Saturday, June 10, 2006


From my perspective as an invigilator of exams, the main task during a three hour paper is to stay awake. From the students' perspective, my main task is to give them more paper when they run out. From the university's perspective, my main function is to make sure nobody resorts to "unfair means", i.e. cheats.

The exams show is run by the examination office and the various departments, and overseen by the university internal police, the proctors. I was surprised to find out that the word 'proctor' has no etymological link with the Greek word proktos, the origin of words like proctology etc. Nevertheless, I suppose anally following and implementing largely irrelevant or archaic rules is seen as part of the vital tradition of the ancient university, as the sine qua non of its academic excellence. Never could I guess that allowing only water to the exam halls would be the "Ravens of Tower" of Cambridge...

The candidates are allowed to bring a small bottle of water with them for the three hour exam. In the invigilator training this vital issue is discussed in more depth and detail than any other issue, including fire alarms and people falling ill during exams. The only thing that gets an equal amount of airtime in the two hour training is how to prevent cheating. Cheating, to my experience, is the only thing that is even less problematic in the exams than the supposed chaos and havoc caused by orange juice and Lucozade.

During the exams, the proctors go around Cambridge, from hall to hall in their gowns and mortarboards, checking that all rules are followed. Since the drink issue is of the highest importance in running the university exams, it's no surprise that the purpose of these visits seems to be to spot potentially hazardous apple juice bottles among the Evians and Highland Springs. Last week, one of the proctors found two suspicious containers in the classroom I was invigilating. One guy had a can of Red Bull in addition to a bottle of water on the floor next to him. The Proctor was clearly deeply shocked to discover this, as he twitched (on the British Scale of Expressing Emotions this equals to 6.8 on a Richter Scale), and then told me "the gentleman up there has a can of beer." This shows how up-to-speed these people are with the so-called real life, and so I advised him that it's just an energy drink. To which he stated that it is still an "illicit drink" and that I should confiscate it immediately. So I did. He then, having discovered how I had completely neglected my duties and not properly screened the room for these hazardous chemicals, continued hawk-eyeing the room, and spotted something suspicious. He pointed to me that the "gentleman in the yellow shirt" had a "non-transparent bottle". I looked up and saw this dude at the back, in a faded yellow t-shirt, and he had a bike bottle on his desk. I confessed that I hadn't checked the contents of that bottle, to which he said "you probably should". I didn't.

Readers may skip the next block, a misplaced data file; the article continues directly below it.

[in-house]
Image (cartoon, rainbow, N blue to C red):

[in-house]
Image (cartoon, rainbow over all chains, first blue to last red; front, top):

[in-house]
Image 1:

I think bothering people with nonsense during their exams is not the best thing you can do, when you are there to bring them more paper so they can keep writing incessantly for the three hours the exam takes. It would be rather silly, wouldn't it? But, undoubtedly the illicit drinks debackle will only gain in momentum, as next year in the training session for the invigilators they will undoubtedly emphasise how important it is to keep this issue under control, as some students have been known to try to smuggle beer into the exam halls.

1 comment:

mitluana said...

:D :D :D Good old England...